From Universe Today: “Gaia Looks Beyond our Galaxy to Other Islands of Stars”

universe-today

Universe Today

15 Dec, 2017
Matt Williams

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Color view of Messier 31 (The Andromeda Galaxy), with Messier 32 (a satellite galaxy) shown to the lower left. Credit and copyright: Terry Hancock.

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Gaia’s view of the Andromeda galaxy. Credit: ESA/Gaia/DPAC

The European Space Agency’s (ESA) Gaia mission is an ambitious project.

ESA/GAIA satellite

Having launched in December of 2013, the purpose of this space observatory has been to measure the position and distances of 1 billion objects – including stars, extra-solar planets, comets, asteroids and even quasars. From this, astronomers hope to create the most detailed 3D space catalog of the cosmos ever made.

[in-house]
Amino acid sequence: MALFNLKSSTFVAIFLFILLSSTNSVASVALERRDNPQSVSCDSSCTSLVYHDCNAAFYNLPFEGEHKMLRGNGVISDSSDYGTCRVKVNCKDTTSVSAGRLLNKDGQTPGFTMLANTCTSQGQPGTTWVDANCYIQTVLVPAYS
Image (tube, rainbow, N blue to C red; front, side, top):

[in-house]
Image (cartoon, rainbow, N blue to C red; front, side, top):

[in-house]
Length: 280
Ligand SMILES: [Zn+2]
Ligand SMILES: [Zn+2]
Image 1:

Back in 2016, the first batch of Gaia data (based on its first 14 months in space) was released. Since then, scientists have been pouring over the raw data to obtain clearer images of the neighboring stars and galaxies that were studied by the mission. The latest images to be released, based on Gaia data, included revealing pictures of the Large Magellanic Cloud (LMC), the Andromeda galaxy, and the Triangulum galaxy.

The first catalog of Gaia data consisted of information on 1.142 billion stars, including their precise position in the night sky and their respective brightness. Most of these stars are located in the Milky Way, but a good fraction were from galaxies beyond ours, which included about ten million belonging to the LMC. This satellite galaxy, located about 166 000 light-years away, has about 1/100th the mass of the Milky Way.

See the full article here .

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